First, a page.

One day when I was a pre-adolescent, a young mother and child paraded through our school escorted by the principal. The child was pre-school age, yet dressed better than the rest of us. He was also better behaved.
So, the principal sits this boy down in front of our high-performance class and begins to read off his accomplishments: something like he spoke five languages, had mastered Newtonian physics, and read James Joyce for fun. The whole room sat in silent awe. We were clearly not worthy. He mostly stared at his mother and paid little attention to anything around him. In retrospect, he probably wanted to have a snack and to go home. In conclusion, the principal led her two companions to the front door of the school and bid them farewell. Neither had articulated a single word, neither was seen again, and the incident was not spoken of again.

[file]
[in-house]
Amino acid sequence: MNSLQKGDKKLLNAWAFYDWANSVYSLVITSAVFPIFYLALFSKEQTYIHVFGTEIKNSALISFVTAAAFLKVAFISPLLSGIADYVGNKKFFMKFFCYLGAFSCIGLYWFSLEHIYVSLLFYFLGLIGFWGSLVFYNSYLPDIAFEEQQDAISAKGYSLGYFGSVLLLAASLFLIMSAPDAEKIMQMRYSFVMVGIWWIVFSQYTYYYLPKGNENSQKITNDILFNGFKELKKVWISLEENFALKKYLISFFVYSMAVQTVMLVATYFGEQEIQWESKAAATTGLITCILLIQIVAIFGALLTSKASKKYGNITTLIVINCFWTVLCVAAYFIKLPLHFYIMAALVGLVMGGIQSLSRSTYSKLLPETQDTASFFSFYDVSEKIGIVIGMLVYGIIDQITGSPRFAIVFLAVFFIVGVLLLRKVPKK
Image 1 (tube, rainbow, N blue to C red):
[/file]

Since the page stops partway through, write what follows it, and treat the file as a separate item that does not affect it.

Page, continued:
I cannot imagine what the principal hoped to accomplish by this dog-and-pony show, probably a misguided effort to lure the child into attending the school.
While I help my son with his homework, occasionally I remember that child in front of my middle-school class. I have to overcome the knee-jerk reaction which says similar phantoms are my boy’s competition for a quality future (you know: the good school, the good job, the good life). The daily repetition of parenting does not lend itself to maintaining a reasonable perspective. The pull of the elite education leading to entry into the imagined stratosphere leads to odd choices — even the little decisions that don’t seem like decisions and suddenly make this math problem in front of us more important than food or happiness or a life well-lived.